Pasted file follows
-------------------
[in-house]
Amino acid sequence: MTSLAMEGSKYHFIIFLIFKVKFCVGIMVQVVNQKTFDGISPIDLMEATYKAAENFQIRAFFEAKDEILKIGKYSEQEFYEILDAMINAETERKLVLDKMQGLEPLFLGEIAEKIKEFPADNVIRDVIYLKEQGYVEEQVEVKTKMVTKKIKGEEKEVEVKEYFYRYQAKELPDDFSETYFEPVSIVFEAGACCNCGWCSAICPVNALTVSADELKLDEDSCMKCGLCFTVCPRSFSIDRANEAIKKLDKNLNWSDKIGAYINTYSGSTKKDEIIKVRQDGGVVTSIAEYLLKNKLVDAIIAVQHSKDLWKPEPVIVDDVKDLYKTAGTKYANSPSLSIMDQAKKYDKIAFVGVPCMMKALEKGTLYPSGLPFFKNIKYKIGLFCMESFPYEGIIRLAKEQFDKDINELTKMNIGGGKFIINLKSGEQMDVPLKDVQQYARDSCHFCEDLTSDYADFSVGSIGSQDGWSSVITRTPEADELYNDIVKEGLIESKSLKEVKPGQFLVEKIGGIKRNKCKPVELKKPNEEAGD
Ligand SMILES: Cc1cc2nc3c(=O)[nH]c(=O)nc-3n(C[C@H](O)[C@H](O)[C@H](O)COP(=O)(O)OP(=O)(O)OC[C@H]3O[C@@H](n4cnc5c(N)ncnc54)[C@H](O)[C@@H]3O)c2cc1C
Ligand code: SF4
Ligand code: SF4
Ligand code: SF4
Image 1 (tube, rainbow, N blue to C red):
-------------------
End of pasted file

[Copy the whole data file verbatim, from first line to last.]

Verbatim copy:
[in-house]
Amino acid sequence: MTSLAMEGSKYHFIIFLIFKVKFCVGIMVQVVNQKTFDGISPIDLMEATYKAAENFQIRAFFEAKDEILKIGKYSEQEFYEILDAMINAETERKLVLDKMQGLEPLFLGEIAEKIKEFPADNVIRDVIYLKEQGYVEEQVEVKTKMVTKKIKGEEKEVEVKEYFYRYQAKELPDDFSETYFEPVSIVFEAGACCNCGWCSAICPVNALTVSADELKLDEDSCMKCGLCFTVCPRSFSIDRANEAIKKLDKNLNWSDKIGAYINTYSGSTKKDEIIKVRQDGGVVTSIAEYLLKNKLVDAIIAVQHSKDLWKPEPVIVDDVKDLYKTAGTKYANSPSLSIMDQAKKYDKIAFVGVPCMMKALEKGTLYPSGLPFFKNIKYKIGLFCMESFPYEGIIRLAKEQFDKDINELTKMNIGGGKFIINLKSGEQMDVPLKDVQQYARDSCHFCEDLTSDYADFSVGSIGSQDGWSSVITRTPEADELYNDIVKEGLIESKSLKEVKPGQFLVEKIGGIKRNKCKPVELKKPNEEAGD
Ligand SMILES: Cc1cc2nc3c(=O)[nH]c(=O)nc-3n(C[C@H](O)[C@H](O)[C@H](O)COP(=O)(O)OP(=O)(O)OC[C@H]3O[C@@H](n4cnc5c(N)ncnc54)[C@H](O)[C@@H]3O)c2cc1C
Ligand code: SF4
Ligand code: SF4
Ligand code: SF4
Image 1 (tube, rainbow, N blue to C red):